Option Investor

Daily Newsletter, Monday, 11/05/2001

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The Option Investor Newsletter                   Monday 11-05-2001
Copyright 2001, All rights reserved.                        1 of 1
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MARKET WRAP  (view in courier font for table alignment)
        11-05-2001        High      Low     Volume Advance/Decline
DJIA     9441.00 +117.50  9476.40  9326.20 1.19 bln   2045/1074	
NASDAQ   1793.60 + 47.90  1801.55  1768.29 1.70 bln   2131/1408
S&P 100   566.68 +  6.69   569.77   559.99   totals   4176/2483
S&P 500  1102.84 + 15.64  1106.72  1087.20
RUS 2000  437.54 +  4.47   438.24   433.07
DJ TRANS 2284.72 + 38.06  2291.78  2245.49
VIX        32.09 -  0.31    32.94    31.20
Put/Call Ratio      0.42

Waiting On The Fed?  Or Was It Cisco?

After the world made it through another weekend without any
meaningful developments on the war front (either good or bad),
market participants decided to continue the bullish move that
began last week.  The major indices moved higher at the open and
after stagnating in the middle of the day, rallied a bit more in
the afternoon session.  As has been the pattern recently,
Technology stocks led the charge in hope that Cisco Systems
(NASDAQ:CSCO) would have glowing things to say in their earnings
report due out tonight after the close.  We'll get into that
subject below, but first let's take a look at the broader market

The Industrials staged another triple-digit gain on moderate
volume, moving in for another attempt to break out of the recent
range.  This will make the fourth attempt to break out to the
upside, and if the bulls can't pull it off this time, it will be
hard to find the necessary catalyst to get the job done.  In
addition to the pending CSCO news, the markets are fixated on
tomorrow's FOMC meeting.  The Fed will announce their next move
on interest rates at 2:15pm ET, and given the recent slew of
abysmal economic reports, many participants are expecting
another 50-bp cut to go along with the other 9 cuts already in
place this year.  Could it be that the 10th time will be the
charm?  More than a few traders are clearly betting that is the
case, as shown by the solid gains posted over the past 3 days.

While volume was only moderate on the NYSE, the internals were
decidedly positive, coming in at a 2:1 ratio and bringing the
Dow Jones Industrials within range of a breakout over the 9550
resistance level.  The solid bullish move is particularly
impressive considering that the day started off with another
poor economic report.  The NAPM Services report came in at 40.6%
vs. the 47% consensus, and the markets rallied out of the gate.
Banking and Utility stocks led the charge outside of the
Technology sector and the outcome of this upward push would seem
to hinge on the outcome of the FOMC meeting tomorrow.  Traders
are hoping for a 50-bp cut as an aggressive antidote for the
worsening economic climate.  And waiting in the wings is the
economic stimulus plan, currently being debated in Congress.
Some of the reported issues (capital gains tax cut and repeal of
the alternative minimum tax) being debated could have an even
stronger positive effect on the business community than anything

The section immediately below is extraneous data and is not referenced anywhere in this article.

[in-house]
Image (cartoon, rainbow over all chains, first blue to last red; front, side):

the Fed can do.  It will take time to approve and then find its
way into the economy, but anticipation of this package could be
adding to the current bullish bias.

Over on the NASDAQ, Networking stocks led the charge higher with
a nearly 6% gain in the NWX index.  But the rally continued to
be broad-based, with Internet (+5.86%), Biotech (+4.55%) and
Semiconductor (+2.78%) stocks all posting solid gains.  Decent
volume and internals drove the Composite right up to the 1800
resistance level, but a mild pullback at the close kept the
bulls from posting a close over this formidable level.  But
there is no denying that the bulls managed a solid victory by
closing at a new post-attack high.

Getting back to the biggest factor in Monday's trading, let's
take a look at what CSCO had to report tonight.  Beating the
consensus estimates of 2 cents, the Networking giant managed to
deliver double that number, so on the surface it looked like a
great report.  But more than half the profits reported came from
interest and other income.  Don't you just love those pro-forma

Visibility is still murky (at best) for the current quarter,
with things improving slightly as we move into next year.
Judging by the nearly $1 gain in the after-hours session, this
is what traders were focusing on in the conference call.  CNBC
characterized the report as the "first solid positive news from
the Technology sector".  I think Briefing.com does a better job
of reporting the news and providing some rational commentary, so
I'm going to quote their interpretation of what CSCO had to say

"Using the company's assumptions, we can put together a Q2 model
as follows: revenues up 2.5% (company: flat-low single digits),
gross margins of 54% (company: mid-50s), operating expenses down
1% (company: flat to slightly down), other income flat (company:
flat), tax rate steady at 28% (company:28%), share count +70 mln
(company: +60-80 mln).  Using those assumptions, Briefing.com
comes up with a Jan qtr EPS estimate of $0.05 vs. the current
consensus of $0.03."

What that means in plain English is that the worst is behind for
this member of the Networking sector and that expectation (along
with hope for similar data from other leading Networkers) is
reflected in the recent trading of the NWX index.  Leading the
NASDAQ higher on Monday, the NWX cleared the $290 level for the
first time since the disaster in September and is now closing
in on strong resistance at $310.

No matter how you slice it, we're going to need to see continued
strength in the leading NASDAQ sectors (Networking,
Semiconductors and Biotechs) tomorrow if we are going to clear
the 1800 level and HOLD IT.  I would expect a positive open in
the morning due to the CSCO effect, but then the markets will
probably churn sideways until the FOMC speculation becomes news.
Then we'll see where investors line up, and that will be our cue
to take action.  Odds are good that there will be a dip after
the announcement, and the strength of that dip will determine
whether it is another bullish entry point or a warning that the